Digital developments from Canberra 24

Parliament has kicked off for 2023. There’s no new legislation to concern us here, but there’s news of spooks and spies, electronic warfare, Medicare, My Health Record, TROVE, cryptocurrency, and more.

Here are the digital developments from Canberra I’ve noticed since the previous edition on 3 February.

  • “The Australian Signals Directorate is outsourcing key elements of its landmark national security uplift program, going to market this week for industry partners to help the cyber spy agency expand beyond Canberra and add almost 2,000 staff,” reports InnovationAus. This is the REDSPICE program, the amusing word that supposedly means Resilience, Effects, Defence, Space, Intelligence, Cyber, Enablers.
  • “The Critical Infrastructure Information Sharing and Analysis Centre (CI-ISAC) hopes to enlist and support the 11,000 organisations it estimates are covered across the 11 critical infrastructure sectors outlined in the Security of Critical Infrastructure (SOCI) Act,” reports InnovationAus.
  • Also also from InnovationAus, “Federal law enforcement agencies have sought advice on the implementation of controversial account takeover powers after the watchdog found holes in their internal policies as warrants were being issued. The lack of guidance raised questions about the admissibility of evidence collected from the use of the intrusive warrants.”
  • There’s a huge kerfuffle about Commonwealth offices and other places being “riddled” with security cameras “linked” to the Chinese government. Of course Beijing says Australia’s removal of cameras an ‘abuse of state power’. This has been reported globally so I don’t need to tell you any more here.
  • “A troubled project to consolidate the Australian Securities and Investments Commission’s technical hairball of business registries, including the Australian Business Register (ABR), has been sent back to the mechanic’s shed before Budget, with an independent review of the project called by financial services minister Stephen Jones,” reports The Mandarin. Apparently $1.5 billion has been spent on this project so far, and carrying it through to the end would cost another $1 billion. This review will make interesting reading, methinks.
  • Medibank to defend class action over massive hack.
  • The Royal Australian Air Force is upgrading its electronic attack aircraft, the EA-18G Growler, through Project AIR 5349 Phase 6 – Advanced. That’ll be a cool $2 billion, but it includes upgraded training ranges, war stock of anti-radiation missiles, and indeed some new missiles too.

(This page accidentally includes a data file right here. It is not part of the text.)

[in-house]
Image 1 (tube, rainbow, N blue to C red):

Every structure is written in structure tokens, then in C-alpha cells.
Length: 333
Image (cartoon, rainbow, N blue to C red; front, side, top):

• The Joint Standing Committee on Treaties has reported on the Agreement between the Government of Australia and the Government of the United States of America on Access to Electronic Data for the Purpose of Countering Serious Crime. It simply recommends that the treaty goes ahead, although The Greens made four additional recommendations.
  • There’s a petition from 28,598 signatories calling on the National Library of Australia’s TROVE to be fully funded. I was one of them.
  • Of course there were things I only became aware of late last Friday. First, Treasury has released a consultation paper on “token mapping'”, which they describe as “a foundational step in the Government’s multi‑stage reform agenda that commits to developing appropriate regulatory settings for the crypto sector.” By which they mean cryptocurrency. Submissions close 3 March.
  • Here’s the Strengthening Medicare Taskforce Report (PDF) which informed last Friday’s national cabinet meeting. Anthony Albanese says national cabinet will discuss healthcare funding when it next meets in late April.
  • Whatever comes out of that discussion, An improved My Health Record will be at centre of push to modernise primary healthcare.

These posts will now appear on Sunday mornings. Please let me know if I’ve missed anything, or if there’s any specific items you’d like me to follow.

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[Photo: A Royal Australian Air Force EA-6G Growler electronic attack aircraft.]